I missed this when Reuters reported on it earlier this week, but it’s worth a close look. The scourge of income inequality has been the focus of Democratic politics since at least September 2011, when Barack Obama began demanding higher tax rates on the wealthy in order to achieve “fairness.” Obama and his party have played class-warfare games ever since, playong footsie for a while with the Occupy Movement, until the stories of abuse, criminality, and weirdness got to be too damaging. All the while, the Democrats have insisted that they are fighting income inequality, and that we need more government spending to eliminate it.
In their “Unequal State of America” series, though, Reuters discovers the epicenter of income inequality — and it’s right where all that federal spending starts:
In the town that launched the War on Poverty 48 years ago, the poor are getting poorer despite the government’s help. And the rich are getting richer because of it.
The top 5 percent of households in Washington, D.C., made more than $500,000 on average last year, while the bottom 20 percent earned less than $9,500 – a ratio of 54 to 1.
That gap is up from 39 to 1 two decades ago. It’s wider than in any of the 50 states and all but two major cities. This at a time when income inequality in the United States as a whole has risen to levels last seen in the years before the Great Depression. …
The federal government does redistribute wealth down to struggling Americans. But in the years since President Lyndon Johnson took aim at poverty in his first State of the Union address, there has been an increasingly strong crosscurrent: The government is redistributing wealth up, too – especially in the nation’s capital.
Why might that be? This is one good reason:
Roughly 15 cents of every dollar from the entire federal procurement budget stays in or around the government’s hometown, said Stephen S. Fuller, director of the Center for Regional Analysis at George Mason University. Last year, that was about $80 billion out of $536 billion in procurement spending, he said. The 15 percent share is far greater than the region’s 2 percent portion of the U.S. population.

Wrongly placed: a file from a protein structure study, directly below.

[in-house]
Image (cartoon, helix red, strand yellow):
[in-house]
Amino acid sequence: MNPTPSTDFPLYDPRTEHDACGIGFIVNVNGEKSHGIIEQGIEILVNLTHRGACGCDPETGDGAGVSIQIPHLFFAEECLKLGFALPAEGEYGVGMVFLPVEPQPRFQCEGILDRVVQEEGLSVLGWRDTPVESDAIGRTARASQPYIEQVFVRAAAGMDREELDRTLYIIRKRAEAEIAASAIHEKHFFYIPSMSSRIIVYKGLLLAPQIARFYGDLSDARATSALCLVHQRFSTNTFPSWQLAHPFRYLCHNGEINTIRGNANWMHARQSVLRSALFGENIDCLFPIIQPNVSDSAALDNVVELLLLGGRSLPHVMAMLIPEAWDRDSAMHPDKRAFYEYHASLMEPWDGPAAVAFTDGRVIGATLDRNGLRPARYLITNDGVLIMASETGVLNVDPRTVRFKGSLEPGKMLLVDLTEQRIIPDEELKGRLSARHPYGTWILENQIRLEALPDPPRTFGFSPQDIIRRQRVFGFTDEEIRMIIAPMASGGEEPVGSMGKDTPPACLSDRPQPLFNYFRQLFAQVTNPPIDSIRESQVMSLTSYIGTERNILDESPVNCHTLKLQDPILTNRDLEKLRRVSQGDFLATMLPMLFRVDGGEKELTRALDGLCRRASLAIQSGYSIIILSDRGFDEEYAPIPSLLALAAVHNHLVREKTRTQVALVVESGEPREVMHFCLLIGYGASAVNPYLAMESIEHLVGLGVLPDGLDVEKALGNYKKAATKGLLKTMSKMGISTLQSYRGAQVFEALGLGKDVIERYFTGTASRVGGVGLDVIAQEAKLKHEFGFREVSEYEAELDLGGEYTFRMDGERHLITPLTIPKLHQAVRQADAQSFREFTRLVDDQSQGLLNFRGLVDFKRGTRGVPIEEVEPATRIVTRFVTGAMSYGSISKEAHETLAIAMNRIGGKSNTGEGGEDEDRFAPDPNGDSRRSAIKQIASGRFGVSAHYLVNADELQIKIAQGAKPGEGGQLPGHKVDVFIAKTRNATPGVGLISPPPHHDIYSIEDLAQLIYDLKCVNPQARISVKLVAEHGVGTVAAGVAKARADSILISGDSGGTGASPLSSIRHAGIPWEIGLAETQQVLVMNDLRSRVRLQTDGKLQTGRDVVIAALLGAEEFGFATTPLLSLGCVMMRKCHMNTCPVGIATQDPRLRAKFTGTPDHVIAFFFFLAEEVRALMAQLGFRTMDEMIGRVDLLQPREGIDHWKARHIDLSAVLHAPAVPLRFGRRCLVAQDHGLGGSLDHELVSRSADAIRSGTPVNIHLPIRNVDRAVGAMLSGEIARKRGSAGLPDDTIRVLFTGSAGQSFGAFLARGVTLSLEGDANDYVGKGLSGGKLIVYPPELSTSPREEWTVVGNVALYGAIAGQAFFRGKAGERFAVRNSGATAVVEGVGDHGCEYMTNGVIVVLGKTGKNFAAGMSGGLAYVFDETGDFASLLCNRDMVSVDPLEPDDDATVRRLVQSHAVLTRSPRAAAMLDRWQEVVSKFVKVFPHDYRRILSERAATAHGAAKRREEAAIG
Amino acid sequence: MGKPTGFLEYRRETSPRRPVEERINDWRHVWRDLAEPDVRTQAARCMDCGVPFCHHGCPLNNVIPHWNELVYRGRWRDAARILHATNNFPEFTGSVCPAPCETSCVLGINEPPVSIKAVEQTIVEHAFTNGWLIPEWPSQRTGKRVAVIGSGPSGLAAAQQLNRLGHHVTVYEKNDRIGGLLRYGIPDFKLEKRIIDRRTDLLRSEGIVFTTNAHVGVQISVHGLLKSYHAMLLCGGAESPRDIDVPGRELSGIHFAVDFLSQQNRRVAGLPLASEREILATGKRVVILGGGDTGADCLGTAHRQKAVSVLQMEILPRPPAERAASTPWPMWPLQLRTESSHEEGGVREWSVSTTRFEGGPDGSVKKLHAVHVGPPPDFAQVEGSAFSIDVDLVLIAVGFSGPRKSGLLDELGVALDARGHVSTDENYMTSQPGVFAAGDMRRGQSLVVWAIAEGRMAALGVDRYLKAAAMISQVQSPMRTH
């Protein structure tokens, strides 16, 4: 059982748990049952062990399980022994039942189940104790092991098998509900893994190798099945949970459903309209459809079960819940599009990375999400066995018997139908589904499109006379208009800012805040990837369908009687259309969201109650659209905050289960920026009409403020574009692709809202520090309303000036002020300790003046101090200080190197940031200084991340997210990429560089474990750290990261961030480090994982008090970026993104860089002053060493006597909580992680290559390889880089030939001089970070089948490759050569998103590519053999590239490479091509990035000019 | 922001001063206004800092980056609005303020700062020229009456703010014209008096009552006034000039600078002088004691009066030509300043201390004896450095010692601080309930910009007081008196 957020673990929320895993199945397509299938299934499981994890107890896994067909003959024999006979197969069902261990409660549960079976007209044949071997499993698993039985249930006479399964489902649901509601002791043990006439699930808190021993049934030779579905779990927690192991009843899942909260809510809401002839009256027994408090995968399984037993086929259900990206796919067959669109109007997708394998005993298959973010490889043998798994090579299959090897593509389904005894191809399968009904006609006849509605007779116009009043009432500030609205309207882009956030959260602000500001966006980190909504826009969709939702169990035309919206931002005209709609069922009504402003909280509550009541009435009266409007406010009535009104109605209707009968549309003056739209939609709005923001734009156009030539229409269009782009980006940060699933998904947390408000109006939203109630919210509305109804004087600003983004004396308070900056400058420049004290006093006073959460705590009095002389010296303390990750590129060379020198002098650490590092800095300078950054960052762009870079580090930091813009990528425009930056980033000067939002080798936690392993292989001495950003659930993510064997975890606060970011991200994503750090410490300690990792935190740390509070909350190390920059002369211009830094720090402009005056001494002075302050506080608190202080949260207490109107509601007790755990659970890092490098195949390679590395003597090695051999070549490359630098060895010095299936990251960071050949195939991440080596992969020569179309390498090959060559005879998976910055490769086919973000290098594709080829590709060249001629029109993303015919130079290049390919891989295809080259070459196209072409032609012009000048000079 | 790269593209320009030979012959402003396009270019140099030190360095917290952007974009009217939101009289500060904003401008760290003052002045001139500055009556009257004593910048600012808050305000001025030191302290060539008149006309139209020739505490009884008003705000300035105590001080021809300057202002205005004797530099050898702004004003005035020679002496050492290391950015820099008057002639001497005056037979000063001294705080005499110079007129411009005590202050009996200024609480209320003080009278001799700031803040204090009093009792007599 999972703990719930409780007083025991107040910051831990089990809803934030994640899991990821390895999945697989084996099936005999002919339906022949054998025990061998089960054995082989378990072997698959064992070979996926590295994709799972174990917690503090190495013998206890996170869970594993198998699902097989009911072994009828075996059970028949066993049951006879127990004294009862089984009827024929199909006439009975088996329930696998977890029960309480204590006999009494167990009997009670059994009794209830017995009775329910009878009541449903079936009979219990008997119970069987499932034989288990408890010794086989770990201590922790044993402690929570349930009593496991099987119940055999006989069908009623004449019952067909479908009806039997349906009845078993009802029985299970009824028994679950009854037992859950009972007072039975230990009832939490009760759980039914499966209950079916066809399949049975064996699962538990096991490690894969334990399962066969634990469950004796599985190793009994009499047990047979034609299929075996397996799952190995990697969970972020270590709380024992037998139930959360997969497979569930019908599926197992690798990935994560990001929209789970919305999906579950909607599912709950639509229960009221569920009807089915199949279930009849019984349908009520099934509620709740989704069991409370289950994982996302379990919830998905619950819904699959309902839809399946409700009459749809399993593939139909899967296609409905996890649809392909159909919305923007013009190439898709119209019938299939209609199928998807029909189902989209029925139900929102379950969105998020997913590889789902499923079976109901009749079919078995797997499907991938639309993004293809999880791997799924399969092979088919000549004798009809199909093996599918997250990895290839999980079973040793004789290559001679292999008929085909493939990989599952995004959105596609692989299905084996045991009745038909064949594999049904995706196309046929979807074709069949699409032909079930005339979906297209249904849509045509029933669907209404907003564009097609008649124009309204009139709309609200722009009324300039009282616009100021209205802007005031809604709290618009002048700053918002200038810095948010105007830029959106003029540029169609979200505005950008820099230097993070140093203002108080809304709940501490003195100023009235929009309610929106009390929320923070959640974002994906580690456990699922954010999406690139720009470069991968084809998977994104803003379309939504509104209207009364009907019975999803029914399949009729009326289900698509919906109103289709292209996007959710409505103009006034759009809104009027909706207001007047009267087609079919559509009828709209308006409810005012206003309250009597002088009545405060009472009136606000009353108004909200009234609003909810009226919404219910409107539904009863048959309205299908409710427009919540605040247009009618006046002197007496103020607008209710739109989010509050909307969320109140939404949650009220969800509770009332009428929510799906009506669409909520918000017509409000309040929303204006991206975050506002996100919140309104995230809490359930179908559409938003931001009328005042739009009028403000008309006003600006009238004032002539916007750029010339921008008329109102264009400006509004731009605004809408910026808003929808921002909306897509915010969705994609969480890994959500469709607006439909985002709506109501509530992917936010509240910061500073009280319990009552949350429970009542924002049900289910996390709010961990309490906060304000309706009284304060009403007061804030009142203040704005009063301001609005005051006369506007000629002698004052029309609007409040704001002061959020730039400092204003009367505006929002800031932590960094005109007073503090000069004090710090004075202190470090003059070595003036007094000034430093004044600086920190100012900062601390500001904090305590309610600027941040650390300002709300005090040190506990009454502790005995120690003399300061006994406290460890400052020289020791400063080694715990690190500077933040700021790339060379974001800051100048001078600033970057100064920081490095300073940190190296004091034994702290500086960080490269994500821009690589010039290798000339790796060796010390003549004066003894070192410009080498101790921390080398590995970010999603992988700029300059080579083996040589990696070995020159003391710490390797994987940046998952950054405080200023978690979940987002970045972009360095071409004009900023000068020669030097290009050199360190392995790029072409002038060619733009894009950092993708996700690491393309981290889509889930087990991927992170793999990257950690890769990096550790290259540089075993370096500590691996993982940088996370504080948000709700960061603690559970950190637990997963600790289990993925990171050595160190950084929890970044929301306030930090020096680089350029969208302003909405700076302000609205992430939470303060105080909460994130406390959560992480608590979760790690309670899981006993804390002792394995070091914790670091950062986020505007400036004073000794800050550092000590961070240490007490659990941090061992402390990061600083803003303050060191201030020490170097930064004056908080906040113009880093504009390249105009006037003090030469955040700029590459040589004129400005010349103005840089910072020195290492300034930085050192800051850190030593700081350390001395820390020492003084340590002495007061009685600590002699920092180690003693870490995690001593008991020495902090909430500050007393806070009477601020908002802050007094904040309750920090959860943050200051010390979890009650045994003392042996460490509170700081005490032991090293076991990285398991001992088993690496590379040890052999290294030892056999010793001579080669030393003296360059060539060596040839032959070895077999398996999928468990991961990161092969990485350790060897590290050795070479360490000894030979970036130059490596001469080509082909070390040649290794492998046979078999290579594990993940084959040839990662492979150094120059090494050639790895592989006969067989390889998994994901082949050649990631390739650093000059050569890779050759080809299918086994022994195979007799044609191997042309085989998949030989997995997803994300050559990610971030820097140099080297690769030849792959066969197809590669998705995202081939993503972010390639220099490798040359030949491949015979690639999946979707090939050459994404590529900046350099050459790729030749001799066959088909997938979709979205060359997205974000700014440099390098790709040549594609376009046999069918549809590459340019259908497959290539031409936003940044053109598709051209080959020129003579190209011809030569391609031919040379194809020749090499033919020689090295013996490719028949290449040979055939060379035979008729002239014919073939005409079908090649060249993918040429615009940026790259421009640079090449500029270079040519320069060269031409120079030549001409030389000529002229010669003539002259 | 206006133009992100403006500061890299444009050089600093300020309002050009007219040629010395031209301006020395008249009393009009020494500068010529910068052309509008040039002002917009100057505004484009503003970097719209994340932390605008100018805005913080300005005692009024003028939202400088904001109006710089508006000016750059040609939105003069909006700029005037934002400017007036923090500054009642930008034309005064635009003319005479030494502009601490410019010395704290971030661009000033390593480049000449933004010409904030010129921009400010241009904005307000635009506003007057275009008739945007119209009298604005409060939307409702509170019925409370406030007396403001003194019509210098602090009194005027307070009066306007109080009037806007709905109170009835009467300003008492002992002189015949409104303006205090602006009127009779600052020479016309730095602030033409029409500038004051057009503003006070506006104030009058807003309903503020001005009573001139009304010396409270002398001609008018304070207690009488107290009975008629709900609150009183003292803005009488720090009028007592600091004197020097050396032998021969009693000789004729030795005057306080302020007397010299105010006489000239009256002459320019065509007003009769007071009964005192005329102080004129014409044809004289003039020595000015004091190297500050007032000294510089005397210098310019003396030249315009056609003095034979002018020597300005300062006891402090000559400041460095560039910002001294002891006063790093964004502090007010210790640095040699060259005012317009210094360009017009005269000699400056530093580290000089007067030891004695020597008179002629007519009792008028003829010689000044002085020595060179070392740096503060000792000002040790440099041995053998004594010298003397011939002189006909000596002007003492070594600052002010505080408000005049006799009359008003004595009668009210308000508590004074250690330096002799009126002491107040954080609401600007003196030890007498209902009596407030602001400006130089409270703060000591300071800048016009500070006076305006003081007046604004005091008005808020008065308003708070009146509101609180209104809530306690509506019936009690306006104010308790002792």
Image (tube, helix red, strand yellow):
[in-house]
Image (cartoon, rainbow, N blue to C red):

“We’re seeing an enormous transfer of wealth from taxpayers to the Washington economy,” said Fuller.
And if you want to know how it works, this paragraph explains it pretty thoroughly:
Two decades of record federal spending and expanding regulation have fostered a growing upper class of federal contractors, lobbyists and lawyers in the District of Columbia area. The federal government funneled $83.5 billion their way in defense and other work in 2010 – an increase of more than 300 percent since 1989, even after adjusting for inflation. Private industry poured more than $3 billion into lobbying to influence the government, nearly double what it spent a decade ago.
Like spokes on a wheel, the high-rise offices of this elite radiate out from Capitol Hill along major arteries deep into suburban Maryland and Virginia. The latest Census figures placed 10 of the capital’s surrounding counties in the top 20 nationwide for median household income – up from six in 1990.
The more regulation and spending expands, the richer Washington gets. With those incentives in place, is there any wonder why Washington is reluctant even to cut the rate of growth in spending? Anyone? Anyone? Bueller? Bueller?
The article is worth a full read, even if it somehow conflates tax cuts with redistribution in a weak attempt to apply a pox-upon-all-houses editorial tenor. Tax cuts only represent redistribution if one believes that no one earns their own income, but that it’s a gift from Uncle Sam. That’s the kind of thinking that created the Inequality Capital in the first place. Still, the report overall makes it very clear that Washington is the driver of regional income inequality and a major contributor to personal income inequality, and that the federal government’s policies and regulations make the problem worse rather than better.
Note: The front-page cartoon originated a while back from the excellent site Cagle Cartoons.